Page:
A small group of diverse students participating in the inaugural AA Visiting School Eugene were given the responsibility to design and build something that would enhance and reflect the forest, within a ten-day timeframe.
More on the Camera Obscura after the break.
The course led students through the lifecycle of the trees in the forest, beginning with guided hikes and a tour to a local lumber mill. Students were then challenged to interpret the idea of “marking the forest,” and through several cycles of critiques and design development the group channeled their energy towards creating a16-ft occupiable camera obscura.
Placement of the structure was fundamental to the design; there had to be views worthy of highlighting and enough light to allow the camera to function. The group was drawn towards a sunny ridge overlooking timber growth in all of its phases. Sitting to the side of the skid road, the goal of the structure and camera is to refocus the view of the forest without detracting from the existing vista.
The view of the surrounding forest is deconstructed to highlight important aspects of the overall experience. Through two controlled manipulations of the view, the perspective of the visitor shifts which allows them to observe the forest in a completely new way. On the interior wall, the external view is flipped upside down and projected. The manually operated oculus focuses attention on the canopy, allowing the filtration of light and movement of leaves to be experienced independently from their environment.
Adding to the already challenging construction time-frame, there was very limited use of power tools at the edge of the ridge. Students relied on hand tools to find solutions to any construction question that was raised. For most in the group, this was the first life-size construction project.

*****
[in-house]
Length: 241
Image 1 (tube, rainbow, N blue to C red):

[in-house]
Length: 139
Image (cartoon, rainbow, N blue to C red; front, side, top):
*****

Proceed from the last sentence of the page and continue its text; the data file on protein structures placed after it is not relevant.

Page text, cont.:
“It is very rare that students have an opportunity to work with architecture at full scale,” said Jason Griffiths, a workshop leader who is a professor of architecture at Arizona State University. “These students can try things and make mistakes and decisions based on the real thing.”
Local Douglas fir veneer was used on both the interior and exterior as a sheathing system on the 2”x4” studs. The form is simple, allowing the focus to remain on the projected image of the camera obsucra inside. Reminiscent of local wigwam burners, the slanted walls are helpful for controlling the water flow during rain.
To maximize the impact of the structure, emphasis was placed on heightening the experience of the senses inside. An oculus with a manual trap-door opening draws the gaze upwards to the canopy and sky above. Once the door is shut, eyes adjust to the dark and begin to notice the striking details of the upside-down projection on the wall.
The spiraling veneer surface peels away from the central structure, creating a small entrance into the camera. This creates a relationship between occupant and structure upon entering the camera, which was designed to fit about four people at one time. Large gray gravel was chosen to mark the ground of the structure as a contrast to the surrounding dirt forest floor.
The site is located in the Bauman Family Tree Farm of Oregon, an educational forest that teaches young students and other organizations about the processes of the forest and it’s creatures. Taking this into consideration, the group created an experiential structure to become a destination for visitors. Many students in the group had never worked with a client before, which added another angle to the design and construction process.
The workshop is centered around understanding the forest as a resource through investigation of its processes, and this project will become an relevant addition to the study. In years to come, the structure will transition and change as a result of weather, winter storms, and animals, giving students a firsthand glimpse at how structures react in their environment.
The Visiting School Program of the Architectural Association of London is offered at the University of Oregon in Eugene. Information for next year’s “Marking the Forest” can be found on the AA site: AA Visiting School Eugene.
AA “Marking the Forest” Directors: Stewart Dodd, Kristin Cross AA “Marking the Forest” 2012 Tutors: Jason Griffiths, Scrap Marshall, Martin Self AA “Marking the Forest” 2012 Students: Shai Akram, Justin Austen, Krestina Aziz, Liam Den Hamer, Sonja Ellicott, Courtney Ferris, Stephane Johnson, Goen Goen Kim, Naomi Morgan, Jen Rimorin, Caleb Roach, Megan Sveiven, Vere van Gool, Linghao Yin